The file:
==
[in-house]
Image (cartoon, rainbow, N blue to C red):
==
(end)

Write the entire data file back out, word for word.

[in-house]
Image (cartoon, rainbow, N blue to C red):